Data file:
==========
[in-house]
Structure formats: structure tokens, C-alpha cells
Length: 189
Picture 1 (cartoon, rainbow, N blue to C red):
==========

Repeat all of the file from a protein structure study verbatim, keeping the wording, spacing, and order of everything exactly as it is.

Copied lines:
[in-house]
Structure formats: structure tokens, C-alpha cells
Length: 189
Picture 1 (cartoon, rainbow, N blue to C red):